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  • Threads [DVD] [1984]
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Threads [DVD] [1984]

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Product details

  • Actors: Karen Meagher, Reece Dinsdale, David Brierly, Rita May, Nicholas Lane
  • Directors: Mick Jackson
  • Writers: Barry Hines
  • Producers: Mick Jackson, Graham Massey, John Purdie, Peter Wolfes
  • Format: PAL
  • Language: English
  • Subtitles: English
  • Subtitles For The Hearing Impaired: English
  • Region: Region 2 (This DVD may not be viewable outside Europe. Read more about DVD formats.)
  • Aspect Ratio: 4:3 - 1.33:1
  • Number of discs: 1
  • Classification: 15
  • Studio: 2entertain
  • DVD Release Date: 5 Sept. 2005
  • Run Time: 112 minutes
  • Average Customer Review: 4.8 out of 5 stars  See all reviews (254 customer reviews)
  • ASIN: B0009S9LNK
  • Amazon Bestsellers Rank: 25,680 in DVD & Blu-ray (See Top 100 in DVD & Blu-ray)


Product Description

Documentary-style account of a nuclear attack on Sheffield during the 1980s. Ruth Beckett (Karen Meagher) and Jimmy Kemp (Reece Dinsdale) live in Sheffield and are busy preparing for their upcoming marriage. When Russia invades Iran, hoping to bring the country under its influence, tension is increased throughout the West, and particularly at the local R.A.F. base. Blissfully unconcerned with world events, Ruth and Jimmy carry on with their wedding preparations. However, when two Russian ICBM's hit Sheffield, turning the landscape into a radioactive desert, Ruth and Jimmy are forced to face up to the harsh reality of life in the aftermath of a nuclear explosion.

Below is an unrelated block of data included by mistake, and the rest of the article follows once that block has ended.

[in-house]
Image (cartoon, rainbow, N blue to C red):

Hideously plausible when first broadcast in 1984, this BBC TV docu-drama now seems like a terrifying might-have-been, although a great deal of what it says about the probable aftermath of a nuclear attack remains horribly pertinent. Scripted by Barry Hines (author of the novel on which Ken Loach's Kes was based) and directed by Mick Jackson (who later went to Hollywood with The Bodyguard and Volcano), at the time Threads seemed like a response to the American TV movie The Day After although it stands nobly on its own. Showing the after-effects of World War III on the United Kingdom by concentrating on two Sheffield families linked by an unplanned pregnancy, it illustrates the scientific, political, medical and social consequences of the severing of the many vital connective "threads" that support a Western society. Grim in a particularly 1980s way, this is a compulsive if uncomfortable watch and accomplishes a great deal without the distraction of spectacle, picking through all the melted milk bottles and firing squad traffic wardens to find the human horror at the heart of it all. --Kim Newman --This text refers to an out of print or unavailable edition of this title.